November is winding down and with it usually comes quickly the end of public displays of gratitude. Sure, you’ll see the random posts on social media about gratitude in July or February but they are much more regularly available in November and December. This is not entirely coincidental since it’s the time of year of the greatest overindulgence, getting, and splurging. We decide we are thankful for our lives, our friends, our family, and our new gifts at Christmas.
It’s basically socially acceptable to be grateful in November. In fact, if you are not grateful it’s the only time of the year that’s a real problem for the rest of the world.
Interestingly enough, the sermon at church yesterday was on letting go of the “should” and “ought to” in regard to being thankful and grateful. What, you might ask? That doesn’t seem right. The gist was that we are often thankful for, or encouraged to feel grateful for, the good things in our life only. We are pushed, and push ourselves, to feel we should be grateful because our problems, challenges aren’t as hard as others. We have it better than …
And soon our gratitude becomes another to-do, another way to strive to be good enough in the eyes of the world. That isn’t gratitude, that’s called fitting in. That’s called conformity.
We have talked about gratitude, the practice of it extensively on this blog. Lowi and I have considered it frequently between the two of us in regular conversation, both in relation to our blog and our lives. So when it was presented to me that gratitude is not a contextual process but a spiritual practice, I have to say I was surprised.
Yes, I strive to find things in my life to be grateful for and frequently I also turn my attention to the little things. I work to appreciate the little conveniences, the way things are going right in my life when it is easy to say that everything is going wrong. I sometimes work to find the silver linings but that’s just it — it’s work. It’s a way to talk myself into a feeling or out of a feeling. That’s not the way it’s intended to be and worse yet, it doesn’t work.
It is then simply a cognitive process and the truth is only the feeling of gratitude is transformative. Only the conjuring of genuine emotion creates genuine change in our lives. But when you consider gratitude in the context of being a spiritual practice, that becomes a whole new lens.
Then we are grateful in an entirely new way. It’s no longer about the new handbag or the vacation, although it’s great to be thankful for these things. Then it becomes a practice in being sincerely grateful for the breath in our lungs, the beating of our heart, the guidance of a power higher than us humans – way higher.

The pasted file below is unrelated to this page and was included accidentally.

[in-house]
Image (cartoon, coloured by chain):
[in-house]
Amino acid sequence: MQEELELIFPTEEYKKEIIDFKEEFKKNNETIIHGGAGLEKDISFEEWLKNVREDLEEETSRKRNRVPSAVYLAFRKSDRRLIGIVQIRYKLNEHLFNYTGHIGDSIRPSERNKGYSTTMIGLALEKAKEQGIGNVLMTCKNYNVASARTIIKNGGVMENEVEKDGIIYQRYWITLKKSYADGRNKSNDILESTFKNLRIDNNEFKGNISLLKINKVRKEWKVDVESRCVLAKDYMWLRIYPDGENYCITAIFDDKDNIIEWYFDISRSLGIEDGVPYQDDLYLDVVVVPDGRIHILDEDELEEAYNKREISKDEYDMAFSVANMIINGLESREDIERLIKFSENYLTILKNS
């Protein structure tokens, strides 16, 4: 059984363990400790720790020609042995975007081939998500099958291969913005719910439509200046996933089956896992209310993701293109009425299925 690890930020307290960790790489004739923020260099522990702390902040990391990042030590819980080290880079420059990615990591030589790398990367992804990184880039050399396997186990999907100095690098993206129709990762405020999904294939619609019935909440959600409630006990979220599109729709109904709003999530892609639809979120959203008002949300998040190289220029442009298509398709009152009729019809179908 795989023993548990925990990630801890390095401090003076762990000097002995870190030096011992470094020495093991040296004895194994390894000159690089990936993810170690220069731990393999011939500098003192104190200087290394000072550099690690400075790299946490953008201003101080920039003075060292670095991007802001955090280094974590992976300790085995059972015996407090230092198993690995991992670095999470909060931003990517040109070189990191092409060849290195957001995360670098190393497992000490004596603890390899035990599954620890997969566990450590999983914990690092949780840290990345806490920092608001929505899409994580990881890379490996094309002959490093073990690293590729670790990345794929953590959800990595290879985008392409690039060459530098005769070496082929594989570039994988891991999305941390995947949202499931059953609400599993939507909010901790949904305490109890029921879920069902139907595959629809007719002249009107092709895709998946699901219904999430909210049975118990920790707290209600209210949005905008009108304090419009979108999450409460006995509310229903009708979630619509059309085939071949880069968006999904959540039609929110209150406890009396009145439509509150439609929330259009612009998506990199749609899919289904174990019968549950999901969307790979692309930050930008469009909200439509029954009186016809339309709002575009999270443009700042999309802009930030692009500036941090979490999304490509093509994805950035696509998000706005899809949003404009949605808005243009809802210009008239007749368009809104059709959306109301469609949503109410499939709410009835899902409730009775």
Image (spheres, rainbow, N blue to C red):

When was the last time that you pondered being grateful for your life. I mean, honest to goodness, near tears gratitude for your L-I-F-E. I can tell you, I have never felt that. I can also tell you that is my new practice. I can imagine what that would feel like and that’s a start. I can imagine being in awe of the intelligence that keeps our heart beating or the next breath filling our lungs. I can appreciate, cognitively, the sheer genius of our cells, how they work, and how the human body works.
I know this because recently my sister had her gall bladder removed and when you try to pinch hit for the human body when you are missing an organ, things get harder. Then you start to notice, wow, the body does SO MUCH we never think of till things go awry.
Or the blessing that is a well-functioning pancreas. I go my whole day and eat, drink and never once ponder my blood sugar and yet I know all too well that two of my nieces, and my sister by extension, do not enjoy that luxury any longer. The body, when operating on all cylinders, is a miracle. And I realize that part of gratitude is paying attention. Because now that I’ve written all that I think, wow. I am getting more thankful for the well-working parts. And I am thankful in the greatest of ways for modern medicine when it brings us things like insulin.
For those of you who are on the ride of #last90days with us and know we are writing down each day five things for which we are grateful, how does this change your viewpoint? For those of you not participating, how does this alter your gratitude meter?
Some times the only thing we need is a little contemplation and the appreciation starts to build. As we close the socially acceptable gratitude month and quickly hurdle toward January where it’s otherwise encouraged for you to be a grouch, hate everyone and believe that nothing is good, I invite you to consider, do you want to live in that emotional space?
Do you want to operate as if nothing is a miracle or everything is?
Sunshine & Sarcasm,
Lowi & G